Anyone remember this, circa 1989?

 

http://www.atariage.com/magazines/magazine_page.html?MagazineID=13&CurrentPage=8

http://www.atariage.com/magazines/magazine_page.html?MagazineID=13&CurrentPage=9

 

I have all three issues, mint. I will scan them to .pdf if there's any interest.

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theres been a few post about the books.

and I do like their enlightening us on the back stage parts of Atari,prob more thats been said on stella at 20 or the cnbc Game on special.

so thanks for doing that.

True that nolan has some faults, so does everybody else, we are only human,if weren't the world would be boring no ones perfect.

we would have a forum like atari age if nolan didn't start Atari. Nolan has been one of my heros next to Arnie Katz the man who brought fandom to world

and with out him reviewing my zine in many of mags, I wouldn't have continued it.

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Was "Secret Quest" any good? Apparently it was supposed to be like "Legend of Zelda" for the Atari 2600.

 

It's a decent game, but not incredibly special. It's really more of a technical achievement in terms of some of the elements "Nolan" was "designing", such as the passcode feature. But the gameplay wasn't really very varied or interesting and the graphics were merely okay. Rather than forcing a talented programmer to hammer out a poor man's Zelda, maybe Nolan should have "designed" something that played more to the Atari's strengths. And mapping scores of nearly identical rooms sounds more like work than fun to me.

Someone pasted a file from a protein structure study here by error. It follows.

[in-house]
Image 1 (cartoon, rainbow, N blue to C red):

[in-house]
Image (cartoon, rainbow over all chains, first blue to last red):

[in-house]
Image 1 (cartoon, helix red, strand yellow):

I *REALLY* wanted to like this game, but found it really repetitive. I also hated that damn passcode system of strange symbols. I hated that era of "save games" and Secret Quest's method of using strange symbols instead of letters as passwords made it even more difficult to write them down.

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Atari was far better managed internally under the Tramiels then under Warner (Bushnell only managed from 1972-1976, 1976-1984 was Warner)

 

Tramiel got products out the door in record time. Atari floundered for nearly 2 years with the XL series - I have memo's where they were squibble over a screw type for weeks alone. Tramiel walked in and did a major redesign of the XL into the XE series and at the same time was able to have working wirewraps of the ST computer in just 6 months, production samples in 6 more months shipped to developers and user groups. New printers, disk drives, monitors. Very impressive feat.

 

Of course it was not without certain drawbacks - working for Tramiel was done under tough and laborious work weeks, very long hours and no guarantee of one's job. Though that was similar to the environment that the Macintosh was developed under as well.

 

I really want to read the Tramiel Atari book. Just reviewing this thread has made me dig out and read through my old AtariUser magazines circa 1991-3.

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This thread is either an epic failure, or it's teetering on the brink of greatness. I can't seem to put my finger on which.

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Just exchanged email interviews with him 4 months ago. Good enough for you, or should I email him again tonight and ask the very same questions --- though that might be bad for all - because Nolan may forget the answers he gave me 4 months ago and give me entirely new answers tomorrow :-/